Why did Isaac still bless Jacob after he lied?


By BibleAsk Team

The narrative of Isaac’s blessing to Jacob in the book of Genesis (Genesis 27) unfolds amidst a complex web of familial relationships, deception, and divine providence. In this account, the patriarch, nearing the end of his life, intends to bestow his blessing upon his elder son, Esau. However, through the cunning deception orchestrated by Jacob and his mother Rebekah, Jacob receives the blessing instead.

Despite the discovery of Jacob’s deceit, the patriarch does not retract the blessing but acknowledges the divine hand in its bestowal. This essay aims to explore the reasons why the patriarch chose to uphold his blessing to Jacob despite the circumstances, drawing insights from the New King James Version (NKJV) of the Bible and examining the theological and familial dynamics at play.

Contextual Background:

The story of Isaac’s blessing to Jacob is situated within the broader narrative of the patriarchal family of Abraham. Isaac, the son of Abraham and Sarah, is depicted as a patriarchal figure who plays a pivotal role in the transmission of God’s covenant promises to his descendants. As this patriarch approaches old age and his eyesight fails, he seeks to confer his blessing—a significant inheritance and spiritual legacy—upon his favored son, Esau, the elder twin born to him and Rebekah.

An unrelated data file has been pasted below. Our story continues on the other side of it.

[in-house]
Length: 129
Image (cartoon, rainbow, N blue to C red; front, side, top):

However, Rebekah, aware of God’s prophetic promise that the younger son, Jacob, would inherit the blessing (Genesis 25:23), conspires with Jacob to deceive Isaac and secure the blessing for Jacob instead. Disguised as Esau, Jacob presents himself before his father, who, though initially skeptical, ultimately blesses him with the dew of heaven, the fatness of the earth, and dominion over his brother (Genesis 27:27-29).

Reasons for the Blessing:

  1. Divine Will and Providence: Despite the deception perpetrated by Jacob and Rebekah, the patriarch comes to recognize that God’s sovereign will overrides human schemes and manipulations. In Genesis 27:33, after realizing that he has blessed Jacob instead of Esau, the patriarch trembles exceedingly, acknowledging that Jacob has received the blessing by divine decree: “Yes, and he shall be blessed.”